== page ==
Citizenshipcitizenship by birth: no
citizenship by descent only: the father must be a citizen of Yemen; if the father is unknown, the mother must be a citizen
dual citizenship recognized: no
residency requirement for naturalization: 10 years
Suffrage18 years of age; universal
Executive branchchief of state: President Abd Rabuh Mansur HADI (since 21 February 2012); Vice President Ali Mohsin al-AHMAR, Gen. (since 3 April 2016)
head of government: Prime Minister Ahmad Obaid bin DAGHIR (since 3 April 2016)
cabinet: appointed by the president
elections/appointments: president directly elected by absolute majority popular vote in 2 rounds if needed for a 7-year term (eligible for a second term); last election held on 21 February 2012 (next election NA); note - a special election held on 21 February 2012 to remove Ali Abdallah SALIH under the terms of a Gulf Cooperation Council-mediated deal during the political crisis of 2011; vice president appointed by the president; prime minister appointed by the president
election results: Abd Rabuh Mansur HADI (GPC) elected as a consensus president with about 50% popular participation; no other candidates
Legislative branchdescription: bicameral Parliament or Majlis consists of the Shura Council or Majlis Alshoora (111 seats; members appointed by the president; member tenure NA) and the House of Representatives or Majlis al Nuwaab (301 seats; members directly elected in single-seat constituencies by simple majority vote to serve 6-year terms)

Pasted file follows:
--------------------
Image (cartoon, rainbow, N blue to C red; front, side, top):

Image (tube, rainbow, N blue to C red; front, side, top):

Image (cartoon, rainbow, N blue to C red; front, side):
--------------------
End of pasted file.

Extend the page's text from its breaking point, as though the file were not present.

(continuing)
elections: last held on 27 April 2003 (next scheduled for April 2009 but postponed indefinitely)
election results: House of Representatives percent of vote by party - GPC 58.0%, Islah 22.6%, YSP 3.8%, Unionist Party 1.9%, other 13.7%; seats by party - GPC 238, Islah 46, YSP 8, Nasserist Unionist Party 3, National Arab Socialist Ba'ath Party 2, independent 4
Judicial branchhighest court(s): Supreme Court (consists of the president of the Court, 2 deputies, and nearly 50 judges; court organized into constitutional, civil, commercial, family, administrative, criminal, military, and appeals scrutiny divisions)
judge selection and term of office: judges appointed by the Supreme Judicial Council, chaired by the president of the republic and consisting of 10 high-ranking judicial officers; judges appointed for life with mandatory retirement at age 65
subordinate courts: appeal courts; district or first instance courts; commercial courts